Don’t trust YouTube’s break-reminders

The YouTube app on Android and iOS has an option that will pause video playback and remind you to take periodical breaks from staring at videos from hours on end. These reminders aren’t very reliable, however, and you shouldn’t rely on them for your health.

The web’s economy and the major platforms all run on one scares commodity: people’s attention. Who’d willingly remind people to stop giving their service people’s full and undivided attention? YouTube claims that’s exactly what they’re doing with their new break-reminders.

The new option is found in the YouTube app for Android and iOS since late , and is off by default. You’ve to discover it and enable it on your; choosing how often you want to be reminded to take a break in the setup process.

Every time you get a notification, you’ll be presented with two options. The first option is to dismiss the reminder and resume the video you’re watching (presumably after taking a short break), and the second option is a one-tap shortcut to Settings were you can disable the reminders again.

The reminder system is a good idea for those of us who find themselves having unintentionally spent two hours watching YouTube and are unable to account for the intervening time.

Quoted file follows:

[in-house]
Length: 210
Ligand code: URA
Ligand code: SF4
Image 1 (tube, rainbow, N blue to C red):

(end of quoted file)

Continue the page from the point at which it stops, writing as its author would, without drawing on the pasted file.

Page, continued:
However, there are a bunch of limitations to how and when the reminders will work or not. Depending on how and where you use YouTube, you may never see any reminders even after you’ve opted-in to seeing them. Here is a list of some of the limitations to when and where you’ll see break-reminders.

  • You can only configure break-reminders in the Android and iOS versions of the main YouTube app. Reminders don’t work in the YouTube Gaming app or in the YouTube Go app (only available for Android Go edition phones in developing markets.) The YouTube Gaming app in particular is geared towards hours-long programming and long live streams. It also unavailable on both the mobile and desktop websites.
  • Reminders don’t work while you’re controlling or casting video to a Google Chromecast or a Google Casting compatible device like a TV or gaming console. This would require tigher integration with these playback devices. However, Google could still send a reminder to your phone while you’re watching on another device.
  • Reminders don’t work when you’re watching offline videos (YouTube Premium and YouTube Go) or playing videos in the background (YouTube Premium and YouTube Music.) This might indicate that it requires an internet connection, and that it may still work as long as your device is online.
  • The watch-duration timer is reset if you (or your operating system) close the YouTube app. Whether an app runs in the background or is killed is out of users’ control. Modern operating system close background apps at their own discretion to manage device battery and performance. Switching to a messaging app temporarily and switching back may reset the counter. You won’t know for sure, and that causes friction and the feature will fail to live up to people’s expectations.